None of these recommended targets are easy to observe with small telescopes of roughly 2 to 4 inches in diameter. But most can be seen with an 8-inch scope under night skies that are free of light pollution. This selection is spread over the seasons and spans our Milky Way over many galactic longitudes.

Maffei 1 and Maffei 2
The galaxies Maffei 1 (right) and Maffei 2 (left) are both visible in this long exposure captured from Dardenne Prairie, Missouri, in November 2016. Due to the galaxies’ locations behind the Milky Way’s arm, they both suffer from heavy extinction and are highly reddened. Dan Crowson

Worthwhile targets

Let’s begin with the brightest: NGC 6946. Sometimes called the Fireworks Galaxy because of its abundance of supernovae, this near-face-on Sc spiral can be a challenge because of its orientation. Face-on means you are seeing the galaxy’s disk from “above,” looking through a thin swath of the galaxy’s stars. But a modest aperture can still reveal NGC 6946’s spiral arms and more subtle features like regions filled with ionized hydrogen (HII regions), which are indicative of massive, young stars nearby. This isn’t the galaxy nearest the galactic plane on our list, so it shows more detail than many others featured here.

The most highly reddened galaxy on this list is the previously mentioned Maffei 1, located only 0.55° from the galactic plane. Astronomers estimate this galaxy suffers from about 4.7 magnitudes of extinction. It is an observing challenge requiring a 12-inch scope and very dark skies. If it were located any farther from the outer rim of the Milky Way, Maffei 1 wouldn’t be visible at all, even in infrared wavelengths.

IC 10 is an irregular galaxy in Cassiopeia. A member of the Milky Way’s Local Group of galaxies, it is faint, but bears magnification well. A large telescope will display its patchy nature. IC 10 is the only starburst galaxy in our galactic neighborhood. Like typical irregular galaxies, IC 10 lacks a central hub of older stars, although it has an HII region in its core. Its magnitude of 10.4 makes it sound easier to observe than it is, but with large optics, you can bring out its mottled texture.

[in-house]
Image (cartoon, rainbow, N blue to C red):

A somewhat less challenging galaxy in the compact Milky Way constellation Lacerta is NGC 7231. At magnitude 13, this highly inclined barred spiral is visible using a 6- to 8-inch telescope under dark skies. It is located about 0.3° southwest of a 5th-magnitude field star and about 2° southeast of the large open cluster NGC 7209.

IC 10
A member of the Local Group, IC 10 is classified as a dwarf irregular galaxy. It lies near the galactic plane of the Milky Way, which means that copious interstellar material leads to extinction. Older stars are responsible for the galaxy’s yellow and green, while the red filaments are Hydrogen-alpha (Hα) regions that sport active star formation. 
Michael A. Siniscalchi
UGC 11466 was one of the first anonymous galaxies (those not found in the NGC or IC catalogs) that I ever observed. The constellation Cygnus holds only one famous galaxy: Cygnus A, which is radio bright but visually faint. However, Cygnus also contains several other galaxies that are visible with moderate-sized telescopes. UGC 11466, which is positioned very close to Delta (δ) Cygni, is particularly easy to find. At magnitude 12.7, it appears as a smooth oval glow in a rich starfield through large scopes. Perhaps it will be your first anonymous galaxy too.

Staying in Cygnus, how many times have you observed the Veil Nebula? Did you know there is a galaxy located only 2° to the Veil’s southeast? NGC 7013 is an edge-on spiral or lenticular galaxy that glows at magnitude 12.4 and spans some 4′. It lies about 2° southeast of NGC 6995. A bright field star resides at its northern end. This obscure object has a compact core, a small hub, and a disk with relatively low surface brightness for an edge-on galaxy.

NGC 6822
A barred irregular galaxy, NGC 6822 (Caldwell 57, IC 4895) is located approximately 1.6 million light-years away in Sagittarius. Part of the Local Group, the galaxy resembles the Small and Large Magellanic Clouds, which are satellite galaxies of the Milky Way. This view of NGC 6822 was captured October 2014 at the All-Arizona Star Party in Salome, Arizona.
Dan Crowson
NGC 6822 is known as Barnard’s Galaxy, and that’s because E.E. Barnard’s early photographic efforts uncovered it in 1884. Like IC 10, Barnard’s Galaxy is a member of our Local Group, located only 1.6 million light-years away. This dwarf irregular has an unusually large number of HII regions and, under dark skies, is a good target even for small scopes. Larger optics may reveal some of these gas clouds.